This morning, NBC News reported that Chelsea Manning is on the short list for a possible commutation from President Obama. Back in September—with much attention focused on a Pardon Snowden campaign—we advocated he consider commuting Manning’s sentence. At the time, we wrote:
There is, ironically, a controversial leaker case in which executive clemency is worth considering, but it isn’t Snowden’s case. It’s the case of Chelsea Manning. Manning, unlike Snowden, faced the consequences of her actions. She faced trial. She allowed the facts to come out about what she did—which has allowed a serious assessment of the relative good and bad of the disclosures. She also was, at least in part, responding to a genuinely horrifying killing by US troops in Iraq. Manning’s case also presents mitigating circumstances related to mental health in a vulnerable personal period. Critically, she also received a sentence of 35 years in prison that many people—including the two of us—regard as excessive and disproportionate.
If there is a case in which to exercise executive prerogative to heal a rift regarding the treatment of self-proclaimed whistleblowers, Manning’s is infinitely more deserving than Snowden. We do not argue that Obama should consider a pardon: Manning committed serious and consequential crimes and was properly convicted. But the President should consider commuting the sentence either to time served or to some reasonable period of additional years. Manning has been imprisoned for more than six years; she could be eligible for parole in the next several years with good behavior. She clearly presents no ongoing security risk and it’s hard to imagine how her circumstances would inspire others in the military to believe they can disclose classified information without consequence.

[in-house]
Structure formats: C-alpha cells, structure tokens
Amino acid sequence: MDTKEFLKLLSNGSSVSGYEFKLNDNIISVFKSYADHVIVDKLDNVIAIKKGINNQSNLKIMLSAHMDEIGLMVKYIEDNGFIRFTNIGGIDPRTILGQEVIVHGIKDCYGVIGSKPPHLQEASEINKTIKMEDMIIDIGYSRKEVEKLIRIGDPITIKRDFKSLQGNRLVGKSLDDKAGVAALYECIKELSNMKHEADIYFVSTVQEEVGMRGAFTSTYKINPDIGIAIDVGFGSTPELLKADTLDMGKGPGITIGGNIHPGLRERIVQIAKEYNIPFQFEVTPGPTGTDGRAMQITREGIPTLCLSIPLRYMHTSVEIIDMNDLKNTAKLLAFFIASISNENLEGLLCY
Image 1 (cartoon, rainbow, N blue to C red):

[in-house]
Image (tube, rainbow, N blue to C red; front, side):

And from a pragmatic standpoint, the Manning case continues to generate divisive headlines which highlight the current inability of the US military to facilitate compassionate and humane in-service transition for transgender people. As the military struggles to modernize its policies, it would be well-served to not have the most high-profile example be in the highly-complex context of detention. All things considered, Manning has a potentially serious case for mercy and the President should at least consider commuting her sentence.
Commuting Manning’s sentence in no way condones her actions, which had serious harmful consequences. For that reason, we do not—and would not—support a pardon. But a complete understanding of the events suggests that the interests of justice and security are not served by Manning spending additional time in custody. President Obama commuting her sentence would not be an act of approval, but one of forgiveness.